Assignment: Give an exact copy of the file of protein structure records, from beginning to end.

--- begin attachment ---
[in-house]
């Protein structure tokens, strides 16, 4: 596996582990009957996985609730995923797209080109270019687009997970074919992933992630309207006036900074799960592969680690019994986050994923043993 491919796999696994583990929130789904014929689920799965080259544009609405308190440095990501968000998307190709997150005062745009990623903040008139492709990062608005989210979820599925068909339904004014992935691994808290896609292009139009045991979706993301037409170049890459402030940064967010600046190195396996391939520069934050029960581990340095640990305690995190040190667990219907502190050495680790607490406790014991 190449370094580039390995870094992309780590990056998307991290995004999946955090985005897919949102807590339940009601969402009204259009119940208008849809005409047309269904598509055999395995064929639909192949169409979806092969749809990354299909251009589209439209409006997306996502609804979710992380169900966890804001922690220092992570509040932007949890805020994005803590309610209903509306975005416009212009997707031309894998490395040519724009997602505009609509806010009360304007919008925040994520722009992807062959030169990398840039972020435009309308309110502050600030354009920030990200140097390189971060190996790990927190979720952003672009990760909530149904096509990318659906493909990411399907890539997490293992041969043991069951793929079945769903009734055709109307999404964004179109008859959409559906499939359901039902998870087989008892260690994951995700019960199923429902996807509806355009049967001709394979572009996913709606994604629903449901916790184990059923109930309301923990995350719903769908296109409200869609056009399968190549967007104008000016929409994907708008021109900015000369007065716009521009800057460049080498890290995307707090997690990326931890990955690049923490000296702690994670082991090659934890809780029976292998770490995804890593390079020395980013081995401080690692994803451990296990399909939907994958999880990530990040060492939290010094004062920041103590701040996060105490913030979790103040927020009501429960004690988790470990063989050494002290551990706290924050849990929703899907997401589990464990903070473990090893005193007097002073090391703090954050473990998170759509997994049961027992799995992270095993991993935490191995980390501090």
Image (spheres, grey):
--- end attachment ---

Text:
[in-house]
């Protein structure tokens, strides 16, 4: 596996582990009957996985609730995923797209080109270019687009997970074919992933992630309207006036900074799960592969680690019994986050994923043993 491919796999696994583990929130789904014929689920799965080259544009609405308190440095990501968000998307190709997150005062745009990623903040008139492709990062608005989210979820599925068909339904004014992935691994808290896609292009139009045991979706993301037409170049890459402030940064967010600046190195396996391939520069934050029960581990340095640990305690995190040190667990219907502190050495680790607490406790014991 190449370094580039390995870094992309780590990056998307991290995004999946955090985005897919949102807590339940009601969402009204259009119940208008849809005409047309269904598509055999395995064929639909192949169409979806092969749809990354299909251009589209439209409006997306996502609804979710992380169900966890804001922690220092992570509040932007949890805020994005803590309610209903509306975005416009212009997707031309894998490395040519724009997602505009609509806010009360304007919008925040994520722009992807062959030169990398840039972020435009309308309110502050600030354009920030990200140097390189971060190996790990927190979720952003672009990760909530149904096509990318659906493909990411399907890539997490293992041969043991069951793929079945769903009734055709109307999404964004179109008859959409559906499939359901039902998870087989008892260690994951995700019960199923429902996807509806355009049967001709394979572009996913709606994604629903449901916790184990059923109930309301923990995350719903769908296109409200869609056009399968190549967007104008000016929409994907708008021109900015000369007065716009521009800057460049080498890290995307707090997690990326931890990955690049923490000296702690994670082991090659934890809780029976292998770490995804890593390079020395980013081995401080690692994803451990296990399909939907994958999880990530990040060492939290010094004062920041103590701040996060105490913030979790103040927020009501429960004690988790470990063989050494002290551990706290924050849990929703899907997401589990464990903070473990090893005193007097002073090391703090954050473990998170759509997994049961027992799995992270095993991993935490191995980390501090």
Image (spheres, grey):